Build Infrastructure.  A strong infrastructure will also decrease a company’s dependency on its owner and/or key manager, which increases value. In other words, strive to make yourself redundant. You can achieve this by properly training employees, bringing in modern equipment, or by implementing effective systems to manage financial reporting, inventory, and other facets of your company’s operations.

8) Why do some businesses never sell?

Unrealistic Price Expectations.  The primary reason why some small businesses do not sell is that the seller has unrealistically high price expectations. It is very important for business owners/sellers to establish a realistic and credible idea of fair market value for their businesses and to support it with historical financial information and market comparables.

Insufficient Marketing.  Sellers should be prepared to have their businesses confidentially marketed for a minimum of six months. The intermediary hired to market and sell your business should create a competitive environment where multiple buyers bid for the business.

Commitment to the Process.  Business owners should be prepared to spend time with prospective buyers and provide sufficient (qualified) information throughout the sales process when requested. This is most important after a Letter of Intent has been signed and the buyer has begun the due diligence process.

9) How can deal terms and structure affect me?

Generally, the better the terms offered (such as post-closing payments based on performance or seller financing), the higher the total transaction value. However, sellers must seriously evaluate these payment options because they bear significant risks. The deal structure (i.e. asset sale versus stock sale) will also influence the transaction price. Know that proper tax planning is essential in maximizing the net proceeds of a sale. Many business owners tend to focus too much on the gross proceeds (before taxes) of a sale rather than the net proceeds.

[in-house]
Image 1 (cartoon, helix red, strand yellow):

10) What advisors should I consult and what costs are involved?

Selling your business is a complex process and using the expertise of a professional intermediary, attorney, and accountant are highly beneficial to you. It is important that you continue to focus time, energy, and expertise on managing your company. Professional intermediaries typically collect a fee after the sale of your company. Usually, the fee is a percentage of the selling price, typically starting at ten percent and decreasing based on the size of the deal. Some “seminar” intermediary firms charge large upfront fees after making extraordinary promises that are unrealizable. Reputable intermediaries will typically require an up-front retainer to confirm you are committed to the sale process, but will earn the bulk of their fees after a sale is complete.


This document is for informational use only and may be outdated and/or no longer applicable. Nothing in this publication is intended to constitute legal, tax, or investment advice. There is no guarantee that any claims made will come to pass. The information contained herein has been obtained from sources believed to be reliable, but Mariner Capital Advisors does not warrant the accuracy of the information. Consult a financial, tax or legal professional for specific information related to your own situation.